How Addiction is Portrayed in the Media

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How Addiction is Portrayed in the Media

Addiction is often depicted on television in either a watered down or exaggerated manner. Directors arrange scenes suited for families to enjoy together through lighthearted sitcoms depicting 30-minute fixes, or an outrageous fabrication of someone with no redeeming qualities suffering at rock bottom. In reality, those with addiction experience a much different demon than the one characterized through the media. Viewers are often captivated by an actor’s bombastic display of drunken emotion. In reality, those outbursts are often embarrassing or distressing. Watchers tune in for entertainment, not education or accuracy.

The numbers demonstrating the impact visual representation of drugs and alcohol has on spectators is alarming. $25 billion per year are spent by advertisements for alcohol products. Correspondingly, on average every 22 minutes someone is shown on television consuming alcohol. In respect to $8.9 billion being dedicated to the promotion of tobacco products annually, 90% of rated R movies have smoking scenes. The characters illustrated smoking in those scenes are generally gifted alluring and handsome personas. Portraying said characters in this light leaves impressionable viewers to believe smoking and drinking are the proper procedures to obtain the desired charisma of being interesting.

The Rat Pack is an excellent example of a desired persona rooted in over consumption and that influenced million’s opinions of what “cool” is. The lasting impact of the Rat Pack is best exemplified in the popular Oceans movie series. Concurrently, the manner in which celebrations are oftentimes displayed can mislead viewers to believe every special occasion or piece of good news needs to be met with toxic indulgences. On reality TV shows, drinking is shown exhaustively. Editors are able to manipulate footage to give drinking or smoking a glamorous aura, neglecting the raw and ugly truth. Shows credited with the most accurate portrayals of addiction are Mom starring Anna Farris, FOX’s popular drama House, and Emmy award winning docu-series Intervention.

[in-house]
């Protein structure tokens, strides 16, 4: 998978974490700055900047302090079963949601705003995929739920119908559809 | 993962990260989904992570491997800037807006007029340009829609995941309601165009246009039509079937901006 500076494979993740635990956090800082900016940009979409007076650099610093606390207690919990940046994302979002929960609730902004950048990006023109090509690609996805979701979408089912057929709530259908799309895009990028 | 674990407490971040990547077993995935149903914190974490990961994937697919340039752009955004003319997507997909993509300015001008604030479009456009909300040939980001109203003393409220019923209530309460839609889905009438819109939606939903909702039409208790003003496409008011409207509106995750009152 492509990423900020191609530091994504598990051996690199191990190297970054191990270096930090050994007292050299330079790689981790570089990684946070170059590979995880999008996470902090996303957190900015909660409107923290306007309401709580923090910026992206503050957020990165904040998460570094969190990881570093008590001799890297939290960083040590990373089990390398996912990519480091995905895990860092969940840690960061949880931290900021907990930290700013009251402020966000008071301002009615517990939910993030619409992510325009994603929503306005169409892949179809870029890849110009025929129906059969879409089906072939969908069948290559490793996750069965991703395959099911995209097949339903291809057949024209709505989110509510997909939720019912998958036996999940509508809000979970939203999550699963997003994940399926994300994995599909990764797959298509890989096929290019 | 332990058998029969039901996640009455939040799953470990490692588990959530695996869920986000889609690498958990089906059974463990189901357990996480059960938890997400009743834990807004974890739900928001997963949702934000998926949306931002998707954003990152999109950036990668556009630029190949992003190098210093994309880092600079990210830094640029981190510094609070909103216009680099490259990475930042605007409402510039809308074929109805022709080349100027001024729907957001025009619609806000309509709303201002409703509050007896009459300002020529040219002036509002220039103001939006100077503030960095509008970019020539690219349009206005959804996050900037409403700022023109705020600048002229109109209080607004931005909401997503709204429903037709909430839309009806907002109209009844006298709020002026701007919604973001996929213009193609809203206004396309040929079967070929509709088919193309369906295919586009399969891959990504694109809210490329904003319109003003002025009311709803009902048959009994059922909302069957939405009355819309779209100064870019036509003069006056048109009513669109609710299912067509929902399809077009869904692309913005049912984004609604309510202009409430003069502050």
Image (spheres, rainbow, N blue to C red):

Mom veraciously exhibits life in recovery. Though a sitcom, the issues are not sugar coated. Very clearly the strains of sobriety, relationship rebuilding, and trust are navigated each episode. On House, a high functioning doctor is chronicled each week attempting to balance his closet Vicodin addiction and thriving career. Furthermore, the show sheds a light on the dismal case that many healthcare professionals secretly suffer from addictions themselves. Intervention aims to introduce people to the realities of addiction in hopes of reducing the stigma associated with addiction. The recruitment team for Intervention sought out people who did not fit the typical stereotype of someone conflicted with substance abuse. Concurrently, the show documented the collateral damage of addiction. Never does addiction only impact one person. Intervention does an excellent job of highlighting the wide-reaching effects of addiction on addicts and those around them.

Some productions companies such as MTV have designated programs to assist those facing troubles similar to their stars. If MTV airs an episode showing a character suffering from something whether it be excessive drinking, drug use, anxiety, depression, or several other cases a PSA is shown at the end of the episode offering help hotlines. MTV has patterned with several campaigns such as Half Of Us, It Gets Better, and Truth (anti-smoking).

Seabrook is here to help as well. If you know anyone suffering from substance addiction or co-occurring disorders, do not hesitate to reach out. Our New Jersey facilities offer a safe and supportive environment for you or someone you love to begin the journey toward lasting sobriety. To learn more about our addiction treatment services, contact us today: 800-761-7575.